As I mentioned, there are similarities to our Building Transit Faster Act, which just recently came into force. That legislation will enable us to expedite our four priority GTA transit projects, which will get people where they want to go, reduce congestion and, like the proposed COVID-19 Economic Recovery Act, drive economic growth and job creation.
Today’s legislation is focused on cutting red tape that has caused delays in the past so that we can get things moving faster. It’s about doing things differently and better, because the same old way that we have always done things in this province just isn’t cutting it anymore. It’s time to look forward, and like the Building Transit Faster Act, the COVID-19 Economic Recovery Act will also help us achieve our ambitious goals for our government’s GTA transit vision.
We know more and more people are looking for an affordable place to live, and people want to be close to transit, great schools and good jobs. Today’s legislation includes proposed measures that, if passed, will make it easier to build transit-oriented communities. We want to build vibrant, complete communities instead of building transit in isolation. Transit-oriented communities make it possible for us to partner with industry and contribute to the cost of building new stations while building more housing at the same time. That benefits everyone—the community, transit riders and taxpayers.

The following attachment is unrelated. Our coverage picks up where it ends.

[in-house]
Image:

Not only will transit-oriented communities create more housing and vibrant mixed-use communities that are connected to transit stations, they will also help increase transit ridership, reduce congestion and emissions and build integrated, accessible communities that will benefit future and current residents. Plus, like major provincial highway projects, these development projects will help stimulate Ontario’s economy for years to come.
La loi d’aujourd’hui comprend des propositions de mesures qui, si elles sont adoptées, faciliteront la création de communautés axées sur le transport en commun. Nous voulons construire des communautés dynamiques et complètes au lieu de construire des transports en commun de manière isolée.
Les communautés axées sur le transport en commun nous permettent de nous associer à l’industrie, de la faire contribuer au coût de construction des nouvelles stations et, en même temps, de construire davantage de logements. Cela profite à tout le monde : la communauté, les usagers des transports en commun et les contribuables.
Non seulement les collectivités axées sur le transport en commun créeront davantage de logements et des communautés dynamiques et polyvalentes reliées aux stations de transport en commun, mais elles contribueront également à augmenter le nombre d’usagers des transports en commun, à réduire les embouteillages et les émissions, et à construire des collectivités intégrées et accessibles qui profiteront aux résidents futurs et actuels. De plus, à l’instar des grands projets d’autoroutes provinciales, ces projets d’aménagement contribueront à stimuler l’économie de l’Ontario pour les années à venir.